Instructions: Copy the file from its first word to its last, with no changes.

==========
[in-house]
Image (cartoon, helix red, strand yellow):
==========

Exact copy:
[in-house]
Image (cartoon, helix red, strand yellow):